Run One Program at any Scale with Legate


Porting NumPy code to other architectures, such as multinode (distributed) systems, requires a fair amount of programming knowledge. To get there, you will have to go beyond NumPy. What is really needed is a way to continue to use NumPy and its syntax but have the code run on GPUs and multinode systems. Moreover, because NumPy is an important part of many modules and Python tools, this arrangement would allow them to use GPUs and multinode architectures easily – which is the underlying theme of Legate.

The goal of Legate is to create a backend that transparently allows NumPy code to run on GPUs and multinode systems without code changes. In a way, it is a domain-specific language (DSL) focused on NumPy.


Legate is built into several components, beginning with legate.core and is built around a component based on Apache Arrow. Apache Arrow and the legate equivalent “… define a … columnar memory format for flat and hierarchical data, organized for efficient analytic operations on modern hardware likes CPUs and GPUs.” It allows various software libraries to share in-memory data buffers without having to copy data around (killing performance).

Remember that Legate is targeting distributed systems of CPUs and GPUs. Consequently, the Legate implementation of Apache Arrow adds synchronization capability and data coherence so that distributed systems can take advantage of the performance that an in-memory data format offers. The GitHub page on legate.core goes into more detail.

The Legate data model is built on top of Legion, a programming model for high-performance programs that runs on distributed heterogeneous systems. Although Legion has a reputation for being difficult to use, code written with the model scale well on CPUs and GPUs. Additionally, Legion code has the reputation of being easy to port to new machines because, according to the legate documentation, it decouples the machine-independent specification of computations from how the application is mapped to the target machine. For more detail on how Legate works with Legion, please refer to the GitHub page.

Because legate.core is the central component of legate.numpy, building legate.core is the first step and isn’t too difficult. The instructions on GitHub are pretty good. I used the Anaconda distribution of Python that has been installed into /usr/local/anaconda3 by root. The startup definitions for Anaconda were in my .bashrc file, so it ran just fine before building legate.core.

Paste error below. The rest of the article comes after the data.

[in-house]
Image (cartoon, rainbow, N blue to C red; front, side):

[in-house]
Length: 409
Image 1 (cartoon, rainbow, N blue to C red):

The laptop I used has the following properties:

  • CPU: Intel(R) Core(TM) i5-10300H CPU @2.50GHz
    • Processor base frequency: 2.5GHz
    • Max turbo frequency: 4.5GHz
    • Cache: 8MB
    • Four cores (eight with hyperthread)
    • 45W thermal design power (TDP)
    • 8GB DDR4-2933 memory
    • Maximum of two memory channels
    • Memory bandwidth: 45.8GBps
  • Nvidia GeForce 1650 GPU
    • Architecture: Turing (TU117)
    • Memory: 4GB GDDR5
    • Memory speed: 8bps
    • Memory bandwidth: 128GBps
    • Memory bus: 8-bit
    • L2 cache: 1MB
    • TDP: 75W
    • Base clock: 1,485GHz
    • Boost clock: 1,665MHz
    • 896 CUDA cores

The laptop runs Ubuntu 20.04 with the 455.45.01 Nvidia driver and CUDA 11.2. All software was installed from the Apt repository for the specific distribution version.

The legate.coreprerequisites are fairly simple:

  • PyArrow
  • NumPy
  • CUDA ≥ 8.0
  • C++-compatible compiler (g++ in this case)

Because I wanted to build legate.core to run on GPUs, I installed CUDA; then, I built legate.coreas the rootuser with the command:

# ./ --cuda --with-cuda /usr/local/cuda-11 --arch volta --install-dir /usr/local/legate

Although I had tried to use the CUDA that was installed as part of Nvidia’s HPC SDK, I could never get the proper paths for CUDA, so I had to remove the paths to the HPC SDK while building Legate. Note that I used --arch volta because the GeForce GTX 1650 in my laptop is a Turing-based architecture, which is newer than Volta, and I installed Legate into /usr/local/.